Bates, who was ranked first in his class, spent last season at Memphis.
Emoni Bates, a former five-star prospect who was regarded as having a tremendous basketball talent at a young age, revealed on Wednesday that he was leaving Memphis and going back to play for Eastern Michigan in his home state. Bates reclassified up and enrolled with the Tigers, spending one season there. After escalating rumours regarding his basketball future, including a potential return to play for Memphis and interest from a number of high-major suitors, he decided to transfer. Recently, Louisville seemed to establish themselves as a legitimate contender.
Bates made his first early commitment to play in his native team Michigan by committing to the Michigan State team under the leadership of Hall of Fame coach Tom Izzo in June 2020. In April 2021, that pledge fell through, which resulted in a decommitment. Along with previous No. 1 prospect Jalen Duren, who also reclassified and enrolled, his commitment to Memphis was thought to help the Tigers build a powerhouse team in the AAC.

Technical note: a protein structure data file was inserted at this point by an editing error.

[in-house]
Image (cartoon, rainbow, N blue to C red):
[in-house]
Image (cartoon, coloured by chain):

Although Bates was once regarded as the top potential in the sport, regardless of age, a super team never materialized and neither did his basketball credentials. He shot 32.9 percent from three-point range and 38.6 percent from the field, averaging 9.7 points and 3.3 rebounds a game. Memphis played like one of the top 10 schools in college basketball even though he missed the last stretch of the season with an injury.
Bates was ranked first in his class and at various points drew comparisons to Kevin Durant, so while it is odd to see someone of his caliber and background enroll at a school like EMU, his recent success shows it is not a major surprise. He reached a plateau as a prospect near the end of his high school career and had productivity issues while attending Memphis. He obviously possesses the size, scoring, and athletic skills to become an NBA superstar, but he hasn’t quite put it all together the way he did when he was a young adolescent.
Bates could merely need to restore both his game and his credentials as an NBA prospect if he went back to Michigan and played there again, but this time against neither Michigan State nor Michigan. He will be joining a club in the MAC with low expectations that finished 10-21 last year, and will likely be used as the team’s obvious No. 1 weapon both on and off the field. At Memphis, he only experienced this briefly due to a persistent injury.